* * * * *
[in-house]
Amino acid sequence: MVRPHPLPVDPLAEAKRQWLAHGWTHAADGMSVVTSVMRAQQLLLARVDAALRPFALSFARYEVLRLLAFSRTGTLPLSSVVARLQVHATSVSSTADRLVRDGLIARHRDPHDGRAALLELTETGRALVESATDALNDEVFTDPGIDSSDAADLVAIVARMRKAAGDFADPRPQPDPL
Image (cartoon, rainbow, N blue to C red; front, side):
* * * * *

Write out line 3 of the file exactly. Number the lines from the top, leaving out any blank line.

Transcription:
Image (cartoon, rainbow, N blue to C red; front, side):